Bite Me!: Musings on Monsters and Mayhem by Joe Rosenblatt
It's incredibly sad that the first time I was exposed to Joe Rosenblatt's poetry was after reading an article about his recent passing. Something about his style–compared to Blake–and his striving to create strange and surrealistic dreamscapes away from reality but somehow closer–connected deeply with me. I think Rosenblatt and I would have been kindred spirits. Bite Me! promises more of Rosenblatt's wild imagery of the monstrosity of nature, roaming tentacles and carnivorous plants, that while turning against us and consuming us, become us. In between the "unconventional" summer reads in my beach bag, including Ligotti, and Lovecraft, Rosenblatt's Bite Me! will be a welcome addition.
Worst Case, We Get Married by Sophie Bienvenu, translated by JC Sutcliffe
Translations are my jam: I love experiencing a book in which its language has a touch of foreignness, almost like I'm reading it in its original state. That's one reason I'm excited to read Sophie Bienvenu's Worst Case, We Get Married; the other is the coming-of-age tour de force it promises to be. The story centres on Aïcha a precocious lovesick teenager whose fallen impossibly in love for an older musician after he comes to her rescue. With no male role models in her life, Aïcha's love only grows into chilling, obsessive desire and I have no doubts it'll be the kind of beach reading I'll need a strong SPF for.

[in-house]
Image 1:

Mooncalves by Victoria Hetherington
(Now or Never Publishing)
"Word started to spread in literary circles earlier this spring about a startling literary debut, a first novel called Mooncalves by Victoria Hetherington, published by a very small press in Vancouver [...] Mooncalves is a stunning debut." - The Globe and Mail
That's right, the buzz has been building around this one for months now. I plan to take a deep dive into the divine bizarre with Victoria Hetherington's novel. It promises a sex cult, technological marvel, a murder mystery and more, all set in rural Quebec, all based on true events. A perfectly Netflix-worthy tale, ready for binge reading.
Even Weirder Than Before by Susie Taylor
I am interested in every new voice that comes out of Newfoundland — because boy do they have a lot of crackerjack writers — but this one, by Susie Taylor sounds especially appealing to me. I love the bildungsroman, as I have mentioned once or twice before here, so Daisy’s story in Even Weirder Than Before is right up my alley. This sounds like a great debut, exploring family and friendships, and I’m looking forward to reading it.
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